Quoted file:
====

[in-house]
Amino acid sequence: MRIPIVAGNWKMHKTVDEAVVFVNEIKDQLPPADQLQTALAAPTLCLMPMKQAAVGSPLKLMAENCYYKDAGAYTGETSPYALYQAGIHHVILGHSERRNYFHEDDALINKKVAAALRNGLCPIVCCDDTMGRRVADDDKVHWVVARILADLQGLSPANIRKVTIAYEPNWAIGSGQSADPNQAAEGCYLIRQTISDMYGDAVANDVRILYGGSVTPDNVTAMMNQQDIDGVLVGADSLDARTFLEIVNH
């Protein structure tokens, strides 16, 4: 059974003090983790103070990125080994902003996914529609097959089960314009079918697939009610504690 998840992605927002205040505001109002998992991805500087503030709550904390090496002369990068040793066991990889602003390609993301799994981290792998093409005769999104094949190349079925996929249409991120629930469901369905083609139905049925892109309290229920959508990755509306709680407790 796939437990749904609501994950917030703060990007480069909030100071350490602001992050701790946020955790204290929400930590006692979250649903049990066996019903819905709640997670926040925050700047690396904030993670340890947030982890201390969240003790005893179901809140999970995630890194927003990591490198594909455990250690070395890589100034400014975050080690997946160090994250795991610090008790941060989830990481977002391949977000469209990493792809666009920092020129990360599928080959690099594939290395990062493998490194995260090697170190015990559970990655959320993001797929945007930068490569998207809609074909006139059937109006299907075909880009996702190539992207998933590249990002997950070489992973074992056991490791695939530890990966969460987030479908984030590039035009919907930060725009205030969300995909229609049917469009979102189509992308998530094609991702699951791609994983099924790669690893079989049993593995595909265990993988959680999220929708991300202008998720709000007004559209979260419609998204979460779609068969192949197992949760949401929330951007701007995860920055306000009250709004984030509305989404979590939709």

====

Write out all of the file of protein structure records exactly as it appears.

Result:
[in-house]
Amino acid sequence: MRIPIVAGNWKMHKTVDEAVVFVNEIKDQLPPADQLQTALAAPTLCLMPMKQAAVGSPLKLMAENCYYKDAGAYTGETSPYALYQAGIHHVILGHSERRNYFHEDDALINKKVAAALRNGLCPIVCCDDTMGRRVADDDKVHWVVARILADLQGLSPANIRKVTIAYEPNWAIGSGQSADPNQAAEGCYLIRQTISDMYGDAVANDVRILYGGSVTPDNVTAMMNQQDIDGVLVGADSLDARTFLEIVNH
């Protein structure tokens, strides 16, 4: 059974003090983790103070990125080994902003996914529609097959089960314009079918697939009610504690 998840992605927002205040505001109002998992991805500087503030709550904390090496002369990068040793066991990889602003390609993301799994981290792998093409005769999104094949190349079925996929249409991120629930469901369905083609139905049925892109309290229920959508990755509306709680407790 796939437990749904609501994950917030703060990007480069909030100071350490602001992050701790946020955790204290929400930590006692979250649903049990066996019903819905709640997670926040925050700047690396904030993670340890947030982890201390969240003790005893179901809140999970995630890194927003990591490198594909455990250690070395890589100034400014975050080690997946160090994250795991610090008790941060989830990481977002391949977000469209990493792809666009920092020129990360599928080959690099594939290395990062493998490194995260090697170190015990559970990655959320993001797929945007930068490569998207809609074909006139059937109006299907075909880009996702190539992207998933590249990002997950070489992973074992056991490791695939530890990966969460987030479908984030590039035009919907930060725009205030969300995909229609049917469009979102189509992308998530094609991702699951791609994983099924790669690893079989049993593995595909265990993988959680999220929708991300202008998720709000007004559209979260419609998204979460779609068969192949197992949760949401929330951007701007995860920055306000009250709004984030509305989404979590939709």